Hays’ Adam Shapley examines the advantages of IT contracting and why those working in the sector should consider it full time.
Rapid technological advances are a sign of the times, but they’ve left many employers scrambling to deliver IT and business transformation faster than ever before.
It’s therefore no wonder that IT contractors are now viewed by employers as an ideal flexible resource to help them deliver projects and add technical skills in areas where a team is falling short.
And it’s not a one-way street. It’s fair to say that IT contracting is mutually beneficial to both the employer and the contractor.
There are reasons why IT professionals are jumping on the contracting bandwagon. In this blog, I’ll be looking at the advantages of IT contracting to help you decide whether it’s the right move for you.
Increased earning potential
IT contractors are in demand right now. In the US, Hays’ 2023 Salary Guide uncovered that roughly 70pc of employers expect their temp or contractor headcount to stay the same or even increase this year. Similarly, Hays’ UK Salary Guide reported a continued upward trend in employers bringing in staff on contracts.
As explored in the Hays Australia Contractor Rates Guide for 2023, the need for contractors with tech skills is great and organisations are willing to reward handsomely.
The employer is paying for your flexibility, plus the temporary nature of the role. Many contract roles will also pay overtime and could be more tax efficient depending on your country.
Coming in at number two is the flexibility contracting offers. One respondent to a Hays Australia survey summed contracting up as “a licence to practice anywhere”.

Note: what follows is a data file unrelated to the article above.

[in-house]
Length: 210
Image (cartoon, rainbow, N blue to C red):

In a contracting role, you are more likely to be granted remote access and offered flexible working hours.
This is perfect if you have children, other commitments, or you simply want more time to pursue your hobbies and interests. Overall, IT contracting is great for achieving a better work-life balance.
Ability to take control of your career
The next advantage of IT contracting is the ability to take control of your own career, since as a contractor you pick and choose what assignments you take on, where and when.
This means that you can decide to select only the assignments that appeal to you. A colleague of mine spoke to a contractor who said: “What first attracted me to contracting was the independence it offered; I am able to choose the projects I want to do and the clients I want to work for”.
This sense of choice and control can only have a positive impact on your workplace wellbeing and engagement.
A quick career boost
The ability to develop your experience and skills also ranked highly. When you take on a project, you have a set time to achieve your goals.
Therefore, contractors often hit the ground running, rapidly upskilling themselves within the role with the objective of achieving this quick win in a few short months and adding another gold star to their CV.
Freedom from office politics
Feedback from contractors we spoke to also showed a preference to avoid the politics of climbing the corporate ladder. This includes sweating over performance appraisals and grafting extra hours in the hope your boss will notice and promote you at some point.
With IT contracting, you are there to do your job to the best of your ability and leave once the job is complete. Therefore, you can focus purely on the task in hand, rather than a long-term gameplan for moving upwards within an organisation.
Better still, if you don’t get on with someone, including your contract manager, you only have to bear it for the remainder of your contract.
As an IT contractor, you will also have the opportunity to develop strong professional relationships and make some valuable business connections.
In these instances, be smart and make sure you leave on good terms and keep in contact after your contract is up.
At the very least, you need this contact to give you a good reference, at the most – they may well provide a steady flow of contracting roles in the near future.
By Adam Shapley
Adam Shapley is the managing director for technology solutions at Hays ANZ. A version of this article previously appeared on the Hays blog.
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